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The craniate head is innervated by cranial sensory and motor neurons. Cranial sensory neurons stem from the neurogenic placodes and neural crest and are seen as evolutionary innovations crucial in fulfilling the feeding and respiratory needs of the craniate "new head." In contrast, cranial motoneurons that are located in the hindbrain and motorize the head(More)
Despite the fact that a large body of factors that play important roles in development are known, there are still large gaps in understanding the genetic pathways that govern these processes. To find previously unknown genes that are expressed during embryonic development, we optimized and performed an automated whole-mount in situ hybridization screen on(More)
The colonial ascidians reproduce either sexually or asexually, having evolved a rich variety of modes of propagative development. During embryogenesis, the fertilized egg develops into a swimming tadpole larva that subsequently metamorphoses into a sessile oozooid. Clonal individuals (blastozooids), resembling oozooids, are formed from few bud-forming(More)
Summary The central nervous system (cerebral ganglion) of adult ascidians is linked to the neural gland complex (NGC), which consists of a dorsal tubercle, a ciliated duct and a neural gland. The function of the NGC has been the subject of much debate. The recent publication of the complete genomic sequence of Ciona intestinalis provides new opportunities(More)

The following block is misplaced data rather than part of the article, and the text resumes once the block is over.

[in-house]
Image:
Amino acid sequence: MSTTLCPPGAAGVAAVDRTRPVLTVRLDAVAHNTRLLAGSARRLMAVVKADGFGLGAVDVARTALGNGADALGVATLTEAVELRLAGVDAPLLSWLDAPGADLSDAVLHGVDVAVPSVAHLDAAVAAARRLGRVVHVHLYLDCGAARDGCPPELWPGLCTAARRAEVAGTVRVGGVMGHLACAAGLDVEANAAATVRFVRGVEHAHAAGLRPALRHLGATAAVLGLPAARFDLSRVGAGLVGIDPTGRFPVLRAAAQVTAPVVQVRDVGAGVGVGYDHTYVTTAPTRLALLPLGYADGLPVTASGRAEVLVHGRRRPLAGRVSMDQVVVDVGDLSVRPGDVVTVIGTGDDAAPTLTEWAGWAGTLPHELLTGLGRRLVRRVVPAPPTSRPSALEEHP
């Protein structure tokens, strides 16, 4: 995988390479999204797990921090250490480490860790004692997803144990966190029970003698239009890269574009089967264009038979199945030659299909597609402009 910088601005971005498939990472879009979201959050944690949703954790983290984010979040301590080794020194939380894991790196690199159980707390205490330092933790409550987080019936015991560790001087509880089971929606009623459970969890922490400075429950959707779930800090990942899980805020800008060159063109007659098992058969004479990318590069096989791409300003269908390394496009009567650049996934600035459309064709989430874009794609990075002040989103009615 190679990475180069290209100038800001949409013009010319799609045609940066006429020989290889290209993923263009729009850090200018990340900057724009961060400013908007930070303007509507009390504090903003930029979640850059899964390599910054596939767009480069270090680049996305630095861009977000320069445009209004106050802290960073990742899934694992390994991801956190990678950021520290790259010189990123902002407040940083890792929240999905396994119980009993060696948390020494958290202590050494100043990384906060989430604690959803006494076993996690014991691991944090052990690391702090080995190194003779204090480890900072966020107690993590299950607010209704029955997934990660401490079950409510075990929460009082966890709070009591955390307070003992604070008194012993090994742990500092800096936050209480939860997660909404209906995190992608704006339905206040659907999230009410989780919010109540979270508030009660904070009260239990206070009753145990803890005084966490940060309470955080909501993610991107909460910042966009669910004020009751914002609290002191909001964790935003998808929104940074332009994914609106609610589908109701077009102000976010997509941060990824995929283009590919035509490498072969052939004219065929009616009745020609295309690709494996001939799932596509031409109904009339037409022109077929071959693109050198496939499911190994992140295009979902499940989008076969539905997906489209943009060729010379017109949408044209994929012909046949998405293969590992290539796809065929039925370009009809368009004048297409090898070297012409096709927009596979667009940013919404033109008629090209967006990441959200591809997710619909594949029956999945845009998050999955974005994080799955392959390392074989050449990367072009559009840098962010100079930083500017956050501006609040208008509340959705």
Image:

Neural crest-like cells (NCLC) that express the HNK-1 antigen and form body pigment cells were previously identified in diverse ascidian species. Here we investigate the embryonic origin, migratory activity, and neural crest related gene expression patterns of NCLC in the ascidian Ciona intestinalis. HNK-1 expression first appeared at about the time of(More)
In extant chordates, the overall patterning along the anteroposterior and dorsoventral axes of the neural tube is remarkably conserved. It has thus been proposed that four domains corresponding to the vertebrate presumptive forebrain, midbrain-hindbrain transition, hindbrain, and spinal cord were already present in the common chordate ancestor. To obtain(More)
Dopamine is a major neuromodulator synthesized by numerous cell populations in the vertebrate forebrain and midbrain. Owing to the simple organization of its larval nervous system, ascidian tunicates provide a useful model to investigate the anatomy, neurogenesis and differentiation of the dopaminergic neural network underlying the stereotypical swimming(More)
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